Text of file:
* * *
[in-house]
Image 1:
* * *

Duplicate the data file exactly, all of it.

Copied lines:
[in-house]
Image 1: